for the teams that meet in caffs

bearwood sunday morning

hah! my lowepro slingshot arrived today, doorstep delivery... lovin' the net for a change.
can't stop playing "this is soul" compilation on atlantic records vinyl from 1972... listening to blues/rockabilly on the eightpod whilst on the move and hearing this stuff when i come home.

love the cover shot...
the sort of album that only sounds good on a mono record player from the sixties.

occasionally it occurs to me, that i could have bought a car or a new motorbike instead of all this.
rather that spending my time shuffling around in vintage clothing shops for that one item that will inspire me, searching out an image that says something or digging the crates for an old guitar/record/camera, i could have been sitting in some posh restuarant sipping a glass of chilled cat-wee, congratulating myself on my choice of starters.
so i sit here typing, with the dansette next to me, playing some old vinyl recording that talks to me, deep down, great stuff!
i always think back to that scene in the blues brothers (belushi and great music, you wan't more!?!), when they are cruising in the cop car, and sam+dave comes on the soundtrack...
otis on the wheel of steel
sometimes i think i could have taken some dumb accounts degree and could have been a fairly average accountant as opposed to a fairly average photography-geek.
but you know, that wouldn't have made any difference... i'd still be taking photos or making some sort of creative contribution to the world.
this stuff is important to me... like breathing.
something i've always done... i can remember being stuck for the summer in kilmarnock whilst at college, with no money to go anywhere on holiday(no sunning myself on foreign shores like some people), and heading back to college at the end of the summer with an armfull of ideas that kept me going for the rest of the year.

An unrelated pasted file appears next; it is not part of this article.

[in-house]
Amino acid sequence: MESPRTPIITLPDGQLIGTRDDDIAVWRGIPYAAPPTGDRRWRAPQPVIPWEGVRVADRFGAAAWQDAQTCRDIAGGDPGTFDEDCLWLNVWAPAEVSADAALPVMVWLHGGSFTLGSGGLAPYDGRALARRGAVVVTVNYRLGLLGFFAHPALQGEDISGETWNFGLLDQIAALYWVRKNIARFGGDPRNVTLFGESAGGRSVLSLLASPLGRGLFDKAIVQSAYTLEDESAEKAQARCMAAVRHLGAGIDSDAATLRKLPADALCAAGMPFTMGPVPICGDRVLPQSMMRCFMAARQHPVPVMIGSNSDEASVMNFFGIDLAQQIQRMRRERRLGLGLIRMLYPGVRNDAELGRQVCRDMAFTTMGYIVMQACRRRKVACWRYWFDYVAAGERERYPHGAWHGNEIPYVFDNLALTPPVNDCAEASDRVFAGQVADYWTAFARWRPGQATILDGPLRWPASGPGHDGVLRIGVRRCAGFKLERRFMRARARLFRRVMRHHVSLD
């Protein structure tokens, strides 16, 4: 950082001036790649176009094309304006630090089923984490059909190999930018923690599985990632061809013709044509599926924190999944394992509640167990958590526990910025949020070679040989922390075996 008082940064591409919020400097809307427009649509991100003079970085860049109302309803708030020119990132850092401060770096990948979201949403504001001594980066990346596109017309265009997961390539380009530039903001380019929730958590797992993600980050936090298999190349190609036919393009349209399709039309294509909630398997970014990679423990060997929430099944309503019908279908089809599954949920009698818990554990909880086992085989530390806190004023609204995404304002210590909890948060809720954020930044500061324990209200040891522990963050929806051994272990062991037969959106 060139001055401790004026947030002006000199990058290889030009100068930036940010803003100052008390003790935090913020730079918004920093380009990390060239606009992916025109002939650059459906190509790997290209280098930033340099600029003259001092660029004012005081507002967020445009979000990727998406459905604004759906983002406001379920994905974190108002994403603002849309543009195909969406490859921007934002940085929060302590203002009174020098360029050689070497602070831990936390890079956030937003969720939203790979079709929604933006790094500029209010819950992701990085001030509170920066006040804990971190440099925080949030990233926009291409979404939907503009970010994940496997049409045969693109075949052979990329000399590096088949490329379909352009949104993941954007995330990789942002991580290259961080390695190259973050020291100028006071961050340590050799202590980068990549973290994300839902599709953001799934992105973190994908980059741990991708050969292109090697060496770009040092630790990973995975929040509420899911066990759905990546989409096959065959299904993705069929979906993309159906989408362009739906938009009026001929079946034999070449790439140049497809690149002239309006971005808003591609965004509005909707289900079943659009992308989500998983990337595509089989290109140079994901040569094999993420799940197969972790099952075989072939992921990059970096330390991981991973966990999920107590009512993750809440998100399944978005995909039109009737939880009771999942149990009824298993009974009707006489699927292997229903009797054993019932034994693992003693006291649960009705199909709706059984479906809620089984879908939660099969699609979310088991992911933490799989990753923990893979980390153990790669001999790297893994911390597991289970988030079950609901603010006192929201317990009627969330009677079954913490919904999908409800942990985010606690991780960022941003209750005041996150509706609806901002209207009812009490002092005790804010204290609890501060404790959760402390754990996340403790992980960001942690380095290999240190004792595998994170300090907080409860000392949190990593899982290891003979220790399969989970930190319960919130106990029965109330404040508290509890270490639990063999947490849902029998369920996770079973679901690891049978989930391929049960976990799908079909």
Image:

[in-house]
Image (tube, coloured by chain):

ps: remember, old clothes do not make a tortured artist.
to quote dexy's midnight runners, who i've been listening to recently.

what a week for learning.
i got hold of the book "understanding exposure" by brian peterson and i'm beginning to think that i'm about to enter the "second phase" of my photography.
it's never too late to learn, and if you think you know it all, then you're only fooling yourself.
i'm kind-of blown away by the possiblities of now being able to work out exactly what the f.stop is for(i used to shoot in RAW and would correct it all in PP), and it led me to a lot of articles on histograms, which i have mostly ignored - coming from a film background... this is not unusual for photographers who made the transition from analogue to digital - that we tend to stick to exposure meters to get our readings from.
i used f.stop and so on quite a lot, but it was always something i did on the run, and never took the time to sit down and understand any of it... i mean, if it works, why try to fix it?

now, i can see that my photography was particularily more haphazard than it should have been... those gigs where i struggled to get good readings, or the recent incident when i was trying in vain to get a good shot of O. against a black background...
show image.
i was metering with the camera's light meter for the whole image, when i should have used my own and metered O's face, and not tried to include the background - which is why it was an impossible task, as i was trying to aim for a balanced histogram on such an obviously extreme dark+light image.
that damn little wheel that i never really understood - on the body of the canon camera... the olympus has it built into the menu function, and i operate it from there, used it loads - but there are so many things to condsider when you take a photo, it's art+science!

1 comment:

Helen Highwater said...

Cripes, is that me in the stripey top on the album cover?

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